Saturday, November 22, 2008

State's Pension Funds Take $5 Billion Hit

The precipitous decline in the stock market in recent months has taken its toll on the state's public retirement funds balances. To date, losses of close to $5 billion have been racked up, reducing the PERF balance from $16.7 billion to about $12 billion, or approximately 28%, according to the IBJ's Peter Schnitzler. The losses erase all of the gains realized over the past 3 years. There is some criticism for PERF's investment managers, who earned over $57.6 million last year. “I won’t second-guess anybody’s investment decisions,” said Bill Styring, president of locally based Styring and Associates and former senior fellow at the conservative Hudson Institute. “But I do have a cat by the name of Trixie who could probably have done as well,” he said. “Trixie and I figured out, over a year ago, where this thing was going.” He added: “The problem is, how much money are we paying these geniuses to lose my money, your money? I’ll work for $1 and my cat needs a can of cat food now and then.”

Schnitzler's report indicates that almost every pension system in the country has shed at least 10% of its value over the past year. "Every report we’re getting is down, down, down,” Elizabeth Karier of Pensions and Investments tells Schnitzler. “It’s horrible. It looks awful; it is awful. But they’re pretty much in the same boat as everybody else right now.” Most have bled between 15% and 20% of their total assets she says. One expert notes that PERF fared better than the S&P 500 but others think that is a dubious yardstick to use for comparison purposes.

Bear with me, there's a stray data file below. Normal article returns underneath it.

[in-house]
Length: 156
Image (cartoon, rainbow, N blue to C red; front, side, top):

PERF has responded in recent months by adopting a more conservative investment strategy. "Under the previous allocation, PERF earmarked 65 percent of its assets for equities, while 20 percent went to fixed-income investments such as bonds, and 15 percent went to alternative assets, such as venture capital, real estate investment trusts and hedge funds," Schnitzler reports. "Under the new asset allocation, PERF will hold only 40 percent of its assets in equities." "It will simultaneously increase fixed-income and alternative investments to 30 percent each. That’s a major policy shift for a pension that, until 12 years ago, had never invested in anything riskier than bonds. And before August 2006, PERF held only 5 percent of its assets in alternatives." The downside of this new investment strategy is that PERF won't quickly recover its losses if and when the stock market bounces back.

5 comments:

roger61611 said...

Wischmeier is out of his mind to increase exposure to "venture capital, real estate investment trusts and hedge funds" at this stage.

Hedge funds are doing far worse than the stock market. REIT's are bleeding out.

Sheesh.

This shows what happens when the constitution is ignored...the state is barred from even owning equities, yet PERF and TERF go merrily along like it doesn't matter.

Wischmeier doesn't care, he and his pals get paid anyway, even if it goes to zero.

spooknp said...

This shows what happens when the constitution is ignored...the state is barred from even owning equities, yet PERF and TERF go merrily along like it doesn't matter.

Technically, is that money owned by the state? It was my thought that the public employees, who are forced to pay into the system, owned that money.

Lord Peter said...

This shows what happens when the constitution is ignored...the state is barred from even owning equities, yet PERF and TERF go merrily along like it doesn't matter.

Umm...this is wrong; the constitution was amended in 1996 to allow PERF and TRF to invest in stocks. See Art. 11, Sec. 12:

Section 12. The State shall not be a stockholder in any bank; nor shall the credit of the State ever be given, or loaned, in aid of any

person, association or corporation; nor shall the State become a stockholder in any corporation or association.However, the General Assembly may by law,

with limitations and regulations, provide that prohibitions in this section do not apply to a public employee retirement fund.

Vox Populi said...

It would have been nice had they released this information before the election, when Jill was asking for it.

HOOSIERS FOR FAIR TAX said...

I'm a fan of Dr. Styring and Trixie. $57 million, huh?